By Trafalgar’s Editorial Team
This Article is Written By Amber Stephenson, MSW, RSW, CSAT
Motivational Interviewing (MI)
Motivational interviewing is a communication method often used in psychotherapy that focuses on identifying motivations for change and addressing ambivalence many people feel in the process of creating change.
Ambivalence may be confusion, frustration, or resistance in regards to how or when or why to create change. Motivational interviewing is goal oriented in that this approach is often used as a way to help create movement toward a stated goal, regardless of readiness for change. Additionally, goals may shift as the client builds insight into patterns of behavior.
In addressing the ambivalence, the person wanting change can often identify and address barriers they may not have been able to see without conversations focused on change. As the clinician shows acceptance and understanding of the ambivalence and barriers, the client too can grow to understand more about themselves and their change process.
In motivational interviewing, it is imperative that the client direct the speed and direction of change; it is important to note that while this modality focuses on change, it does not “make” anyone change nor is a method of “convincing” a client to change.
In motivational interviewing, clinicians and clients can often use the “stages of change” model to assess readiness for change and target relevant interventions. The stages of change are as follows:
- Pre-contemplative: the person is not currently thinking of creating change
- Contemplative: the person is aware that something is not working for them, that there is some sort of problem, but do not have plans to create change
- Preparation/Determination: at this point, the person had acknowledged that change needs to occur and has intention of creating change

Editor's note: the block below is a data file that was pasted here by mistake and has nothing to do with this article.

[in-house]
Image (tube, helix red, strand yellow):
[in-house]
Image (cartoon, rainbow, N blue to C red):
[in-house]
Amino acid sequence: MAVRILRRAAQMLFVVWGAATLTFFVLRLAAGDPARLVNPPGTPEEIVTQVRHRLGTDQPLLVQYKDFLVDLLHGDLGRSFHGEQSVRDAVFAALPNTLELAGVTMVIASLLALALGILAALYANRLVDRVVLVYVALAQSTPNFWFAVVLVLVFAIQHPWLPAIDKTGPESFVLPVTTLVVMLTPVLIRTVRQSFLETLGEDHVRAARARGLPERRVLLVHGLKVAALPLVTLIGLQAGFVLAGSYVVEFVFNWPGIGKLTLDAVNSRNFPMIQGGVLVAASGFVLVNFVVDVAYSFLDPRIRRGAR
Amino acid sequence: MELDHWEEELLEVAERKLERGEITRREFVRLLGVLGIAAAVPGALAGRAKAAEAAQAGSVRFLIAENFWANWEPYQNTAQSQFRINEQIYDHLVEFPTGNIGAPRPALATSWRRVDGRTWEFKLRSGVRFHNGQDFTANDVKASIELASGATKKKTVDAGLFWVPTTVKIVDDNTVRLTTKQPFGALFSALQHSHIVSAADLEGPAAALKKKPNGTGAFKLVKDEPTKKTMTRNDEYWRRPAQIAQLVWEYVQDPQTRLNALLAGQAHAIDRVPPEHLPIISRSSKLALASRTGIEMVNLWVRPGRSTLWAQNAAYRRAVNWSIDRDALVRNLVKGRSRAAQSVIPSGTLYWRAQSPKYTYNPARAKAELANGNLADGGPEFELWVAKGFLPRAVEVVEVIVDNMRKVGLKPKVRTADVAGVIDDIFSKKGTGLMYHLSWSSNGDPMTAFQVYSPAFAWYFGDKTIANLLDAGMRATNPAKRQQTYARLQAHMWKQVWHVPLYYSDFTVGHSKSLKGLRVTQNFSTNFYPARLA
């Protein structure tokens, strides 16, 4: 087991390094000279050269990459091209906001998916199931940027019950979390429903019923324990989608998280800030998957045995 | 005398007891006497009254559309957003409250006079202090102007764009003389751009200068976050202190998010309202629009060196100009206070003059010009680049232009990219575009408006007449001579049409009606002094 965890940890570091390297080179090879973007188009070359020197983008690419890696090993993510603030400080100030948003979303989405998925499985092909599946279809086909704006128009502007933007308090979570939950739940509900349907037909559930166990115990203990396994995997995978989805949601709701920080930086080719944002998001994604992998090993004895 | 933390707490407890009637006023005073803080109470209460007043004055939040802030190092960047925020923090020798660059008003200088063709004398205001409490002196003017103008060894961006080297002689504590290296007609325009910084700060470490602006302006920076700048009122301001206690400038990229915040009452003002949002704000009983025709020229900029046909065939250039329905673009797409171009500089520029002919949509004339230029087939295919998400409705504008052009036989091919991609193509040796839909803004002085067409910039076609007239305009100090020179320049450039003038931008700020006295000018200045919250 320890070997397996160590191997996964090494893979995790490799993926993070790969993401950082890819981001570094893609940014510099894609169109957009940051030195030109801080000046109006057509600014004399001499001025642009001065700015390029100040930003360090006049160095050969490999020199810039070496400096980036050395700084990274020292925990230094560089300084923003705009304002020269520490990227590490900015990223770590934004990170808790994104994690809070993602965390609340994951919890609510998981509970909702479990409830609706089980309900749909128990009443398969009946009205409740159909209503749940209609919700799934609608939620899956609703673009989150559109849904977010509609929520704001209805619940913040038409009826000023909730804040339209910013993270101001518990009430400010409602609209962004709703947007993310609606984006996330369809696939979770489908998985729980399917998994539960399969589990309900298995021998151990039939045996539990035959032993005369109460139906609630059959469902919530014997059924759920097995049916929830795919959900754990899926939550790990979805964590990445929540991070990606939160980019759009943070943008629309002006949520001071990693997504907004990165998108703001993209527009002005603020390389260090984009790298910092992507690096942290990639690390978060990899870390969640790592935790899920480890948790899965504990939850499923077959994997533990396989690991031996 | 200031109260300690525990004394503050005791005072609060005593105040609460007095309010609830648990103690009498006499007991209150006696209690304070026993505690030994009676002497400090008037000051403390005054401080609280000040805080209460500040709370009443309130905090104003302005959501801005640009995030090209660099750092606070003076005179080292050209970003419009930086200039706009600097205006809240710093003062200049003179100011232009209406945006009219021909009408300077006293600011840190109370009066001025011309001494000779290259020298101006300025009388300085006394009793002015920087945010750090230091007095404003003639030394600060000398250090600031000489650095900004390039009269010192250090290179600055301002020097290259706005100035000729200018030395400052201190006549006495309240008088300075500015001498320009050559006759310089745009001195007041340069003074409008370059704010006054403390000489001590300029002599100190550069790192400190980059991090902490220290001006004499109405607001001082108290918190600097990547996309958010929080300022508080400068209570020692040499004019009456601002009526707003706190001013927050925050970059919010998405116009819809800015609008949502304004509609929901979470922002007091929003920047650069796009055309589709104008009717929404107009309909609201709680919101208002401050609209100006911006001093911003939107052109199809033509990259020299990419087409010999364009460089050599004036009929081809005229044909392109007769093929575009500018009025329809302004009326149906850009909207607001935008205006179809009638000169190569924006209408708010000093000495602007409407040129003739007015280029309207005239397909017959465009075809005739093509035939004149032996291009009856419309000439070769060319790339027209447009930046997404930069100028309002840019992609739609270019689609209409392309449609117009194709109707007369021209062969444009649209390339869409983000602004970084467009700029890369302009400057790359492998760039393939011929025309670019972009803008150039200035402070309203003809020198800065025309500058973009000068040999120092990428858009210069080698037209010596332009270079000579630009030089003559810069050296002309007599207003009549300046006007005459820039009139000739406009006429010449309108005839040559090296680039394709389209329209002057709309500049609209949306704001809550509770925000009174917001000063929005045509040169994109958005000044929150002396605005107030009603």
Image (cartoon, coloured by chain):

- Action: in this stage, the person has taken action in creating change. They are engaging in a new behaviour in some way
- Maintenance: the action stage has extended; the changes made are stable and the old behaviour is no longer occuring
- Relapse or Termination: depending on the change made and the plans for ongoing efforts, the person either relapses (engages in the old behaviour in some capacity) or terminates the work being done (new behaviour has become such a part of life that intentional efforts are no longer required).
People do not always move through the stages of change in a linear way; oftentimes they move between different stages in different orders. If relapse happens, people may move back into any of the other stages.
This style of communication allows for the person wanting change to explore it in their own way and on their own timing, without being pushed or taking on the clinicians’ perspective of change; in this way, motivational interviewing helps build intrinsic motivation for change, which is often understood as more effective for long term change than extrinsic motivation for change.
Intrinsic motivation for change refers to the concept that the drive for change is internal and personal; external motivation refers to the concept that someone may feel pressured or forced to change because of someone else’s ideas or coercion from someone or something outside oneself.
Additionally, because of the focus of building internal motivation for change, motivational interviewing techniques also often help foster a sense of empowerment and self-acceptance as the client builds internal motivation and insight into their thought processes around change.
Motivational interviewing techniques include a variety of questions and approaches in which the clinician and client work together to uncover new information.
This process is often open ended and explorative as the change itself and its meaning are considered within the context of the client’s life and goals.
Motivational interviewing is also strengths-based in that any development of insight or actual change is celebrated and used to further develop insight.
A strengths-based approach also helps to build the confidence needed for change.
As with many modern approaches to psychotherapy, the client is understood as the expert. Other basic beliefs of motivational interviewing include that the client has a right to make informed decisions, that the client has the resources needed for change within themselves, that that clinician remain non-judgmental, and that the clinician and client mutually share information helpful to the process of change-making.